Wind drove women in the sod houses on the plains mad. Even mad enough to take their own lives.
“OOOOk-lahoma, where the wind comes sweepin’ down the plain,” per Oscar Hammerstein II.
Pilots learn to take off in the wind in Great Falls, MT, the windiest city in America according to a former aircraft controller I know. If they master that wind, they can handle any.
The wind buffets our small RV south of Tucson, where the scream of jets from either the U.S. Navy or the Air National Guard bombard the skies … and our ears.
“Just outside the park’s eastern boundary, in Browning, Montana in 1916, the temperature dropped from 46 degrees F to –56 degrees in 24 hours—that’s 100 degrees in a day!” per the National Park Service. I taught in Browning for three years. The wind was a constant presence, a tailwind going to work and an obstacle getting home.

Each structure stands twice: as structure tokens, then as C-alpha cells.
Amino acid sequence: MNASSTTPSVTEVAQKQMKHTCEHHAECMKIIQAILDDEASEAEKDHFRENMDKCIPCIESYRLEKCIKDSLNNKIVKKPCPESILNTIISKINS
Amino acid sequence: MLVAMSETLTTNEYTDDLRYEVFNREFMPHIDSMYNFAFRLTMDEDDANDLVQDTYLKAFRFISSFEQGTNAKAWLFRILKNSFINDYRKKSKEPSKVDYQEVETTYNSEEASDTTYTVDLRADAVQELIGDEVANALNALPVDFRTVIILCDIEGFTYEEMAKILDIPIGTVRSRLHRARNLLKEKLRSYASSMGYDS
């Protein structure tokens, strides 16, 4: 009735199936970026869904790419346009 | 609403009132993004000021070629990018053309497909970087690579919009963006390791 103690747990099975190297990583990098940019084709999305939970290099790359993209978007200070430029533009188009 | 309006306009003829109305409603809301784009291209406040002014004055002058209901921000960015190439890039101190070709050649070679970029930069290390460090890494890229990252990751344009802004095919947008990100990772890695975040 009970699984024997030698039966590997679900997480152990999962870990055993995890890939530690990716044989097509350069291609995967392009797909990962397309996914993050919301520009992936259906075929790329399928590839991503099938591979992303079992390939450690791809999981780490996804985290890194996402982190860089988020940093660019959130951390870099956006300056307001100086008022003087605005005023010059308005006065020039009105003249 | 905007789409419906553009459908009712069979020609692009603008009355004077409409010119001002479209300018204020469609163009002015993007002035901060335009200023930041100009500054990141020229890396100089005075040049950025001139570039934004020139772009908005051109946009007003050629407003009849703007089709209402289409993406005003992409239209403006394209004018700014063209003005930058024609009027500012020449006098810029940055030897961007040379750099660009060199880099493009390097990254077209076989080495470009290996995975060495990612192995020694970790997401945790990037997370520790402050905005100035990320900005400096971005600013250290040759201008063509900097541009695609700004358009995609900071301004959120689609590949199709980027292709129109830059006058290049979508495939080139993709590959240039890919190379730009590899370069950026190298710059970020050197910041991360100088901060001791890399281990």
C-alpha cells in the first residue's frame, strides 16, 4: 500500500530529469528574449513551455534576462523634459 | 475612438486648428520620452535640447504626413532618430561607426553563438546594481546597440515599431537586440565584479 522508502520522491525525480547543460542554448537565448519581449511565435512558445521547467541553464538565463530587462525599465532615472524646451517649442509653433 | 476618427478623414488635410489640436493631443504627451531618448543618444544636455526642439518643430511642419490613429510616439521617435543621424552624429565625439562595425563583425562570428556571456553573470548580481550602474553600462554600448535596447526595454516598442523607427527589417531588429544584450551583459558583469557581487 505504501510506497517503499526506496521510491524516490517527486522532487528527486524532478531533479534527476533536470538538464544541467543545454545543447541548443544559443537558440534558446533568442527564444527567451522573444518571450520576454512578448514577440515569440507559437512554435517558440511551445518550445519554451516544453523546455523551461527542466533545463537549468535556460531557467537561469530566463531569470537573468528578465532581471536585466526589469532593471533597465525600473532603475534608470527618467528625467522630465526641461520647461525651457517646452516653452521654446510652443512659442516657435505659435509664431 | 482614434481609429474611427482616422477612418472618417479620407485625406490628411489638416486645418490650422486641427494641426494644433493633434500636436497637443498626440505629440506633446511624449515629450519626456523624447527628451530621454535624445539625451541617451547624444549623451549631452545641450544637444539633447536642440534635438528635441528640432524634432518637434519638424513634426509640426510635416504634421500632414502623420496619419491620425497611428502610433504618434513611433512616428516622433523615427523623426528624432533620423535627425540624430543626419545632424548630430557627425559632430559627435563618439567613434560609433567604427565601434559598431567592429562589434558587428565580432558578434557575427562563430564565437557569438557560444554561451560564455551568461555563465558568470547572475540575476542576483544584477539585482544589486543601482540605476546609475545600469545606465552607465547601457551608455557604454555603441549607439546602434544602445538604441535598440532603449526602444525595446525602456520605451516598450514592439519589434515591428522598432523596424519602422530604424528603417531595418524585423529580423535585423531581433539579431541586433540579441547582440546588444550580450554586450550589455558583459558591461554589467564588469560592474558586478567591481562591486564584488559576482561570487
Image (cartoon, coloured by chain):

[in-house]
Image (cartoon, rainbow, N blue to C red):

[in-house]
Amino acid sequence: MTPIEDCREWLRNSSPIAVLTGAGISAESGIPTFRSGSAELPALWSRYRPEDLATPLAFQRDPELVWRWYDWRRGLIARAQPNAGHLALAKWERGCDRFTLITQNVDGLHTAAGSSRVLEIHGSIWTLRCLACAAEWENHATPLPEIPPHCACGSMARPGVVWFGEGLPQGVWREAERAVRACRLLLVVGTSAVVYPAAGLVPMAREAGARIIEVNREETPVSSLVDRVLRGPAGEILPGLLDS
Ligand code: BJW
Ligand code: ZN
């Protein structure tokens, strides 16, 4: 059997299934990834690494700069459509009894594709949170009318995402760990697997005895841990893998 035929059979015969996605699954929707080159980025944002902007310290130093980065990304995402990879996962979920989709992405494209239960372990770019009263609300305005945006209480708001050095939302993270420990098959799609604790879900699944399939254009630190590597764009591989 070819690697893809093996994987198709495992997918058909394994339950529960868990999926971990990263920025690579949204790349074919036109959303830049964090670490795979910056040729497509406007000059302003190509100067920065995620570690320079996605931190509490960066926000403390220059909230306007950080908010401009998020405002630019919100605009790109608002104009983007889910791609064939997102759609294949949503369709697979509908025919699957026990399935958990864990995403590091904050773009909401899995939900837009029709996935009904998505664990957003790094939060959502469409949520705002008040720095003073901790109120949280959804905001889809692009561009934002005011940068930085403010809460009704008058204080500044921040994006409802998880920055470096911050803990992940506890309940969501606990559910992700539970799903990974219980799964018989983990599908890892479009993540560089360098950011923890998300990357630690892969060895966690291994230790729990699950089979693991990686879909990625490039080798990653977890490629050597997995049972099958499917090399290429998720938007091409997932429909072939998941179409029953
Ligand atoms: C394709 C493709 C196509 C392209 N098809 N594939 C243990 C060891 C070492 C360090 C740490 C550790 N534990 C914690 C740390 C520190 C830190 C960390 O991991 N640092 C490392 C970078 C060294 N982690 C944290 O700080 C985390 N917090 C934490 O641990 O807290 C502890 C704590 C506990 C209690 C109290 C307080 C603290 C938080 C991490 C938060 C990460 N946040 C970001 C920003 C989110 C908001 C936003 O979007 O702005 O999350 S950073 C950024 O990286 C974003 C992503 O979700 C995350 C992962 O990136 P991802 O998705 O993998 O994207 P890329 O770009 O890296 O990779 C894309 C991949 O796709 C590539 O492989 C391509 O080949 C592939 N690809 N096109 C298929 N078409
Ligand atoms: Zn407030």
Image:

Once, going home, I saw several railroad cars littering the grass where the wind had pushed them off the track.
Wind wind up and send it on its way, and it becomes a targeted, if random, destructive force as great as any other natural disaster.
There is no reckoning without wind in the West. According to Paint Your Wagon, “They call the wind Mariah.”
And yet, wind is made up of air, the very essence of life. “And the Lord God formed man of the dust of the ground, and breathed into his nostrils the breath of life; and man became a living soul.”
Wind blows seeds from one part of the globe to another and is responsible for much of the changes of weather we experience. We’re learning to harness it to provide the energy we all depend upon. Great wind farms crest the high points of the western landscape, capturing nature’s gift, but having their own destructive nature.
Nothing, it appears, is totally without a price. Nor are many things wholly good or evil.